Those characters being largely the Stantons themselves. John Travolta does a very good impersonation of Clinton, but he offers very little insight into the sort of person Clinton is, his motivations or his feelings. Like the character, the role is all performance and you never get a sense of how genuine his goals are and how much ambition is his main driver. As scandals pile up, Travolta is great at capturing Clinton’s sense of hurt that anyone would question his morals (even as his actions display his fundamental lack of them), but the role is short on depth.
Emma Thompson gets less to play with as Hillary. In fact, she disappears from the second half of the film, after an affair plotline between her and Lester was cut completely from the film (something that makes certain scenes, where actors are clearly responding to this non-existent plotline, amusing to watch). But she manages to make the role something a little more than impersonation, delivering a whipper-sharp, ambitious woman who has buried her resentments about her husband’s betrayals under a wish to achieve a higher goal.
The rest of the cast deliver decent performances, but the stand-out is Kathy Bates as a long-time Stanton friend turned political fixer, who sees her idealisation of the Stantons turn to bitter disillusionment. Bates at first seems to be delivering another of her custom-made “larger than life” roles, but as the stuff hits the fan she layers it with a real emotional depth and complexity. It’s a caricature role that she turns into something real, a woman who feels genuine pain at seeing her deeply held political convictions and ideals being slowly disregarded by her heroes.
But then we get her point. Don’t we all feel a bit like that when we think back about Bill Clinton? The more we learn about his affairs and sexual scandals – and the more that #MeToo develops our understanding of how powerful men can abuse their power to take advantage of star-struck young women – the less sympathetic he seems. The film too suffers from some really out-of-date views of male sexuality. Billy Bob Thornton’s political fixer exposes himself early on in the film to a female worker, but this is shrugged off as “banter”, as opposed to a criminal offence – and the film largely avoids giving any air time to Stanton’s principal victim, the teenage daughter of a black restauranter whom he may or may not have impregnated. Stanton casually uses his power to gain sexual favours – one of his earliest acts is casually picking up a gawky English teacher who’s giving him a guided tour of her school (a funny cameo from Allison Janney) – but this is largely categorised as a personal weakness that doesn’t impact his suitability for the Presidency, something that feels more and more uncomfortable.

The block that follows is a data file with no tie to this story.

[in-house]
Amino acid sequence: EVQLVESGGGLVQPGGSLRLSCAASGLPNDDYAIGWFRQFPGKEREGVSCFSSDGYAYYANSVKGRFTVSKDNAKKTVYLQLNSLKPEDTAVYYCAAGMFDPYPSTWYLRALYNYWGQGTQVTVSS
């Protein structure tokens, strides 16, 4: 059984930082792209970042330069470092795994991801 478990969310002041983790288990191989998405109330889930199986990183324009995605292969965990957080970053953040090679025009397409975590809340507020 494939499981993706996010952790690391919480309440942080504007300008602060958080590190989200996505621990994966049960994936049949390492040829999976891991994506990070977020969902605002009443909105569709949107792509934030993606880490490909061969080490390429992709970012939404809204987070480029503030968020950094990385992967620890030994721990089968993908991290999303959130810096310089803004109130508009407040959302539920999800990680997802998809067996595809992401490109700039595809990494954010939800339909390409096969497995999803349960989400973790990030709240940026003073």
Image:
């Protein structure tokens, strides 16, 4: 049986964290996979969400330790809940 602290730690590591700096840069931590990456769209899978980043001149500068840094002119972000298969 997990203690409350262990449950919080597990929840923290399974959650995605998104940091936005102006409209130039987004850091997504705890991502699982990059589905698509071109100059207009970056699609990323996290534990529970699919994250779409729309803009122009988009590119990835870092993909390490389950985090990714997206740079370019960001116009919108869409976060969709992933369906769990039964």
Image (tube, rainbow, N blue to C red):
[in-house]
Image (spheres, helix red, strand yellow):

However, Primary Colors’ real problem is that it is overlong and a little bit too pleased with its intricate reconstruction of semi-true events. Although there are funny lines and decent performances, the film lacks any real zip and it gives no real insight into modern politics (other than perhaps deploring the compromises politicians must make) or the Clintons themselves. Instead it settles for telling us things we already know at great length and making safe but empty points about modern America. Far from exploring a Faustian pact where we accept deep personal failings in politicians because we believe that, overall, they could be a force for good, instead Primary Colors is all about turning shades of grey into obvious clear-cut moral choices.